When Nicholas Hope appeared on the big screen with a demonic smile that would rival Jack Nicholson in The Shining, the cinema audience went nuts.

It brought back memories of a lovable disturbed man-boy and his Glad-Wrapped cat. That dead feline co-starred with Hope in the award-winning in Rolf de Heer’s 1993 brilliant shock flick Bad Boy Bubby which won AFI Awards for Best Screenplay, Best Lead Actor and Best Director.

So it’s great to see Hope return to a black comedic horror – again with something to say about modern society and the contemporary workplace.  This time it’s about the everyday slavery happening right across the modern world.

He plays Thomas Reddman – the Regional Manager of Redd Inc and he’s the star of this next cult film set to be a future hit. It puts a whole new macabre slant on Groundhog Day and provides great social commentary on what it means to work in order to stay alive. 

Redd is a convicted serial killer known as The Headhunter who hacks to death bad CEOS, corporate pigs and fat cats who probably should be Glad-Wrapped and tossed. After being convicted, he breaks out of the prison asylum, kidnaps the people whose contribution in court got him a verdict of guilty and forces them to find the real killer – thus clearing his name. He chains them to desks in front of computers in a cube farm and welcomes with a creepy ‘hello workers’ then orders them to ‘get back to work!’

Never have these words been so insidious, formidable and funny.

First world countries claim to have abolished slavery. That is not true. Go to any corporate office and check out the cube farms – cramped conditions, mindless repetitive movement and the endless processing of red tape.

The reality is: first world countries just changed the word ‘slavery’ into other words such as ‘mortgage’. Timed dunny breaks, clocking on, clocking off, that feeling of being chained to a desk doing pointless, menial tasks designed to keep unnecessarily complicated workflows in perpetual motion – this work ‘ethic’ is forced on many people who need money to afford the basics of food and shelter in the affluent world.

 Welcome to capitalism – a term that is a reminder of the sign over Auschwitz ‘Work Frees’.  Working yourself to death certainly does free you from work.

Tom Savini is a US makeup and SFX artist as well as an actor and has a great history dating back to (and beyond) the greatest social comment on modern life at the time – Romero’s Dawn Of The Dead (1978).  It’s a personal favourite of mine. It was a great joy to see no CGI but real, physical special effects like the way Romero does them.

And this is why Redd Inc is best seen in a cinema first. Horror movie buffs like seeing their genre of choice on a big screen and at least once.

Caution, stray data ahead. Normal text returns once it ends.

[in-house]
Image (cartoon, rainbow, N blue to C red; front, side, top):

In the olden days, people went to church to worship gods, they broke bread and connected with other like-minded folk in the local community.

Horror buffs do the same. They congregate at the altar of the silver screen, they share popcorn and absorb the sermon coming from on high. Complete strangers connect with groans and screams and the hiding of the eyes behind the hands. It’s exciting and thrilling and scary and a divine experience all rolled into one.

Redd Inc delivers this divinity.

While abiding by certain horror conventions – it also breaks new ground with story twists and turns that elevate this film into the highest echelon of the genre.

The soundtrack is superb, the editing seamless, the direction sublime.

Dan Krige is the director who took the script by Anthony O’Connor and Jonathon Green and gave it a modern visual style that feels like it has moved the genre forward. The script itself is laugh-out-loud and suitably gruesome as office life often is.

When Romero’s Dawn Of The Dead was released in 1978, it predicted a time when people would work for money on weekdays then be drawn to giant shopping malls on weekends to spend that money as a form of entertainment and relaxation – and he accurately depicted this prophecy using zombies to illustrate his point.

Around that same era, the Ozploitation genre was in full swing with classics such as Turkey Shoot and Dead End Drive In with Mad Max being the most famous and successful of all Aussie genre films. Not Quite Hollywood is  the name of an award-winning doco that goes behind the scenes and elevates the Ozpoitation style that was long regarded as the Australian film industry’s ‘dirty little sceret’.

And when filmmaking special effects surged ahead with the explosion of technology in the 90s, the horror and sci-fi genres enjoyed a renaissance. Stories were easier to tell because improbable worlds became fully realistic on the big screen. And Ozploitation has enjoyed its own evolutionary leap. Since 2003 the Saw franchise has racked up several films making Jigsaw a very successful and sought-after villain who has generated millions of dollars. But here’s the difference – Redd Inc is funny.

Redd Inc is one of the smartest films of its genre and worth seeing on big and small screens everywhere. It’ll sure give you a different view of modern human resources and a disturbingly accurate one too.

It is available on DVD in Australia and might get a cinema release with the new title Inhuman Resources.  (But why bother wiht the title change?  Didn’t Hollywood learn a lesson from re-titling Mad Max as The Road Warrior?  Still – it didn’t hurt the box office.)

Here’s the Redd Inc trailer: